Having fled Pakistan five years ago, Maroof Muhammad (40) considers Estonia his homeland and highly appreciates what Estonian state has done for him.
Muhammad was raised in Kashmir, a territory divided between Pakistan, India and China. While growing up in the Pakistani part of it, he joined the local student independence movement. At the university, he studied sociology and got his Master’s. Afterwards, for five years he worked as communications specialist for local health care organisation.
As independence activist, Mr Muhammad run into conflict with Pakistani authorities, wherefore his life in Kashmir turned dangerous. Realising the only option was to leave the country, he applied for visas at various nations. Estonia’s came the fastest.
«My friends helped me apply for the visa. When at last I got it, I boarded a plane and was on my way,» he said. «I came via Belgium, where I was apprehended at the airport and told I was not able to go to Estonia. I said I had a visa, but they took me to a refugee centre. They said they’d contact Estonian authorities and if Estonia agrees, they will allow me to move on. Estonian state granted permission and then I came here.»
Language the main problem
At Tallinn Airport, Mr Muhammad was arrested again, this time by Estonian policemen.
«I will never forget that night. As I arrived at the airport, I was hungry and I asked a policeman for a glass of water. He said there is no water here. I thought where have I come, there isn’t even water here. Afterwards, I was taken to Migration Board. There were nice people there and I realised I had come to the right place,» he related.
For the next ten months, Mr Muhammad was placed to then Illuka refugee centre in Ida-Virumaa. Estonian state awarded him international protection and he moved from Illuka to dwell in Tartu.
There, Mr Muhammad found a job and 1.5 years later his wife and child were able to join him. «A human rights organisation helped my family escape Pakistan to Estonia. Had they not helped, it would have been very difficult,» he said.
Now, nearly three years later, there are two children already in Mr Muhammad’s family. His elder son (8) studies in a local school and speaks Estonian with no accent. The younger son (1.5) speaks a couple of Estonian words. The father understands Estonian but does not speak it well and prefers to communicate in English.
«The main problem is the language. I applied for various jobs. I could be a janitor or wash dishes, but the salaries are so small there that we cannot make a living,» he explains.
At the moment, Mr Muhammad is not working and lives on social support which equals the minimal pay, more or less. Here, we run into an important problem with integrating immigrants.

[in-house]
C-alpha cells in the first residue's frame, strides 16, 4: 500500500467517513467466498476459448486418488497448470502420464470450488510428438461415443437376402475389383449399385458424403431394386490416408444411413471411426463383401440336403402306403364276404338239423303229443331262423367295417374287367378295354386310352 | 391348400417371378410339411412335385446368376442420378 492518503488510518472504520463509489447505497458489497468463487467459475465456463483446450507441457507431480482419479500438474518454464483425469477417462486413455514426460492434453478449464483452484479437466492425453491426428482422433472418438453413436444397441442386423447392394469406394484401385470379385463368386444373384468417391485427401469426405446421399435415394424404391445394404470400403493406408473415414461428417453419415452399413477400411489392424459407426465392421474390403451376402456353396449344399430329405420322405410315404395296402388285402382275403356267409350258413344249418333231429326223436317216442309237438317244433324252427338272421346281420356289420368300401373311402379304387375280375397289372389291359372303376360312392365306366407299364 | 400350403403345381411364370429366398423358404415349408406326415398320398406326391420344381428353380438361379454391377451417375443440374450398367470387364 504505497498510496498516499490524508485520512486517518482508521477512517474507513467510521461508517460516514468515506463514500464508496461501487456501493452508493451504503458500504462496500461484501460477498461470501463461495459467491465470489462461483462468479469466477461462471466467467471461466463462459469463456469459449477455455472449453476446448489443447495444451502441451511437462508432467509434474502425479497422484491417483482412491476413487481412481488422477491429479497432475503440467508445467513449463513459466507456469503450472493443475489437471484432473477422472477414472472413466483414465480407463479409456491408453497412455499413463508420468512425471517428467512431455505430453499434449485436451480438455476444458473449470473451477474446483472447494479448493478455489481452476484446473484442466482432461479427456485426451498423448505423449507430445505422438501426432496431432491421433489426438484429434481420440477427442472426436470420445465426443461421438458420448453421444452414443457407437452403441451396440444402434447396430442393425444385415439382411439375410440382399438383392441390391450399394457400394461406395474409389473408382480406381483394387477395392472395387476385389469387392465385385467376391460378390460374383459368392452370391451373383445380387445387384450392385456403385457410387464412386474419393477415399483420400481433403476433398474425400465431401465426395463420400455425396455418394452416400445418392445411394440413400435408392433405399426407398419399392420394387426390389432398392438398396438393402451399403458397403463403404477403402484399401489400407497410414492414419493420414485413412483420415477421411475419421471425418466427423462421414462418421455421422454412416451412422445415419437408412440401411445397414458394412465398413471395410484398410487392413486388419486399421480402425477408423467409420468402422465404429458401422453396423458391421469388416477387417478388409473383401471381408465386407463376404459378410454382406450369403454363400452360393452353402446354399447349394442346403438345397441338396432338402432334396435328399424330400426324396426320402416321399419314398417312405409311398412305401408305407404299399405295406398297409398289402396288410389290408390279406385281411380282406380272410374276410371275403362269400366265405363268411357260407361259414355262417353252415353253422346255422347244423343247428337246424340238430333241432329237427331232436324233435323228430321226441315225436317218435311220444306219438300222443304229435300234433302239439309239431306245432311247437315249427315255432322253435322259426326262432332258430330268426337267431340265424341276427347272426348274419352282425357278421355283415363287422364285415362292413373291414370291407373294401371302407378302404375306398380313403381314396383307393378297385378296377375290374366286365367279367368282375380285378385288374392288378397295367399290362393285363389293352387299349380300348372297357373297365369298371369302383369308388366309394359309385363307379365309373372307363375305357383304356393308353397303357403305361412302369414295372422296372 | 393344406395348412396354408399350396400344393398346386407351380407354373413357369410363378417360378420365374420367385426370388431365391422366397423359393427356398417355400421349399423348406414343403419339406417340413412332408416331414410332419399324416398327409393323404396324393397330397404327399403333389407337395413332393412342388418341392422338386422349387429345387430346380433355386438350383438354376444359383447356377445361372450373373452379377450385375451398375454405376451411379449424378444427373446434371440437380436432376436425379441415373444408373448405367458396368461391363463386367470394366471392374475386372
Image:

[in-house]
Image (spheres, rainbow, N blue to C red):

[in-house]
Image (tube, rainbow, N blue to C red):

For two years, refugees can study Estonian for free. As they start to work after that, they will need to pay for language courses – not so when unemployed.
When Mr Muhammad arrived in Estonia, language study was not organised as well as now, and he did not master Estonian enough to work at a job which pays above the minimal. Thus, the man has a choice whether to work at minimal wages and study Estonian in paid form, or be unemployed and live on social welfare and attend language courses for free. Financially, the latter is better.
Asks us to help refugees
Mr Muhammad is continuing to look for work and is trying to establish a small company. At the moment, he functions as a self-employed person. «I am very thankful to Estonian state for granting me protection. I will never forget that. I want to stay here and give my input into this state, but that will take some time,» he said.
«I hope someday I have managed to achieve my goals. My son is happy here, for he attends Estonian school and speaks good Estonian and he has lots of friends,» continued Mr Muhammad.
«This is a very good place to live. It is safe here. My wife and children can go anywhere alone. In Kashmir, it is dangerous to go in the streets alone, especially for women and children, as when you go alone you may not come back any more.»
Talking about the European Union’s possible refugee quotas, Mr Muhammad said Estonia might award asylum to as many refugees of war as we are able to help and integrate.
To those Estonians who are against helping refugees, he advised that they remember the life in the Soviet Union and to compare it with what we have now. Just like Estonians prefer a free state, the refugees desire to dwell in a safe place.
«This may happen to anyone. It is not easy to leave one’s homeland and family behind and go into another country. This alone is very painful and hard,» he added.